In the first of two 2023 disputes from Maryland, John and Jane Parents 1, John Parent 2 v. Montgomery County Board of Education, a divided Fourth Circuit rejected claims that a school board’s guidelines for developing “student gender identity support plans” violated parents’ fundamental right to raise their children. The court said the parents had not shown that they had sustained any injuries: they had not alleged that their children identified as transgender or that educators kept information from parents.

Similarly, in Mahmoud v. McKnight another federal trial court in Maryland denied the claims of Muslim and Catholic parents along with an association including members of the Church of Jesus Christ of the Latter-day Saints, Protestants, and Jews who sued the Montgomery County Board of Education. The parents charged that educators forced their pre-K-8-aged children to read books promoting transgender ideology and encouraging gender transitioning. The parents specified that school officials did not follow state law and failed to fulfill a promise to notify parents of their right to opt their children out of these classes.

The court refused to enjoin the board’s policy, unswayed by arguments that it interfered with parental rights to direct the upbringing of their children by not offering age-appropriate instruction consistent with their faiths, and that the policy was inconsistent with science demonstrating that most young people who experience gender dysphoria outgrow it. The court commented that the policy did not violate the parents’ right to free exercise of religion because parents lacked a fundamental due process interest in directing their children’s upbringing by opting them out of instruction conflicting with their beliefs. The parents have appealed to the Fourth Circuit.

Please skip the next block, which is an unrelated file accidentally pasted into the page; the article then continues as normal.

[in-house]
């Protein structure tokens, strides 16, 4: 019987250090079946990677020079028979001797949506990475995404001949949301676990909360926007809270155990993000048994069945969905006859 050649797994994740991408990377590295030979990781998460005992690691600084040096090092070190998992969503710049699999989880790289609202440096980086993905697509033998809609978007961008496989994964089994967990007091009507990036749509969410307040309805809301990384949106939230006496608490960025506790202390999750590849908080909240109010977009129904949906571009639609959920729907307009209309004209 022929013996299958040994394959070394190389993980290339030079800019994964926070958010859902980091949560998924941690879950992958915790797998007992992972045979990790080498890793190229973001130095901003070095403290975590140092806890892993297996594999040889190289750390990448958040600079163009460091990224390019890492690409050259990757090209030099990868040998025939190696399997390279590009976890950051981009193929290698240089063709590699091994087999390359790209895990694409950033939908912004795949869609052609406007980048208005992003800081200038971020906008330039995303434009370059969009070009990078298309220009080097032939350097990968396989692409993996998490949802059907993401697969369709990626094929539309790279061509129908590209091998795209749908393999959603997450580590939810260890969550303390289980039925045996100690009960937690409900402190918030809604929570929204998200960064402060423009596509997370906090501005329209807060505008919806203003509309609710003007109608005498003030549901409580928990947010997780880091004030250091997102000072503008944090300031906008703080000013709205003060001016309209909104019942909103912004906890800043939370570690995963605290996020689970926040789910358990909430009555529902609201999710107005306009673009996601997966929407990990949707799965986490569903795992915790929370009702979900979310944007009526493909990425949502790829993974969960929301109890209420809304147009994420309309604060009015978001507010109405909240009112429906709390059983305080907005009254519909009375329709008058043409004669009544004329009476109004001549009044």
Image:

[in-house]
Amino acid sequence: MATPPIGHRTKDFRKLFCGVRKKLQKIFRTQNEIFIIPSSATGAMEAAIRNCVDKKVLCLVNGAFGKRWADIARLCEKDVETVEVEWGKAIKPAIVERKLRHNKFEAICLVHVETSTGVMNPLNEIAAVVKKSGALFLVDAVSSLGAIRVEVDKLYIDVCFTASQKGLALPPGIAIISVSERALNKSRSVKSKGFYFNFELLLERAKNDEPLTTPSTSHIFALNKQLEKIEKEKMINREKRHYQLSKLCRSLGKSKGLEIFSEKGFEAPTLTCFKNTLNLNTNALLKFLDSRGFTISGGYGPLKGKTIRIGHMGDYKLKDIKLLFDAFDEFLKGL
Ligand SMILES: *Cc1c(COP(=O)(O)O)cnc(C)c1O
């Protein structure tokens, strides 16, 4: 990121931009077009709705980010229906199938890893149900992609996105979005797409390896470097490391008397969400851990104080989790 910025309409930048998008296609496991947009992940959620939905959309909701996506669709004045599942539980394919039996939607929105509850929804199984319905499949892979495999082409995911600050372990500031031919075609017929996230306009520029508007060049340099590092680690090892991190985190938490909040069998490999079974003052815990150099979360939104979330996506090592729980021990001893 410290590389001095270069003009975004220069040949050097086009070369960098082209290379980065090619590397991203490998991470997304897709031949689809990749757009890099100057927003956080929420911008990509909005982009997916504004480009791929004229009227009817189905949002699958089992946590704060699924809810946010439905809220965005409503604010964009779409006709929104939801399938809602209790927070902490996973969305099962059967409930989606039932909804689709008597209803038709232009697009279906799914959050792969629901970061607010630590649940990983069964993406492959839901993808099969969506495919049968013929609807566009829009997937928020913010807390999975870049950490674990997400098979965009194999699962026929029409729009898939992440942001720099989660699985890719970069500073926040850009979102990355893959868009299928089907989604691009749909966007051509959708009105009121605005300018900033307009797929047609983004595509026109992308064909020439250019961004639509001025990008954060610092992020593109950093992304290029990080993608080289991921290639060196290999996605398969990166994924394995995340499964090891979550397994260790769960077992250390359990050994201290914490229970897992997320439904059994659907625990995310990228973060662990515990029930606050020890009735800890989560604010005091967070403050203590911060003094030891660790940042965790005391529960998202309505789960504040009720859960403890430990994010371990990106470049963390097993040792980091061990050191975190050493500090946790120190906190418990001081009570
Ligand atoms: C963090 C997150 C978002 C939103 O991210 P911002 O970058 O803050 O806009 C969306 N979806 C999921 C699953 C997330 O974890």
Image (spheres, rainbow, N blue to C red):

On the other hand, also in 2023, in Tatel v. Mt. Lebanon School District, a federal trial court in Pennsylvania reached the opposite result. The court refused to dismiss claims filed by the mothers challenging a teacher and officials for discussing gender dysphoria and transgender transitioning with their first graders. Moreover, the mothers charged that the school board had a de facto policy of not allowing parents to opt their children out of such instruction in violation of their First and Fourteenth Amendment rights.    

The court noted that educators lacked a compelling interest that would justify ignoring these maternal concerns. Instead, the court said educators must inform parents about activities potentially impacting and shaping the character or identity of their children. The court emphasized that because educator conduct on gender identity reached “the heart of parental decision-making,” it was constitutionally significant. At the same time, the court rejected educators’ motions for summary judgment on the mothers’ substantive and procedural due process claims, Fourteenth Amendment familial privacy charges, and First Amendment free exercise allegations, citing the educators’ violation of board policy in ignoring parental rights.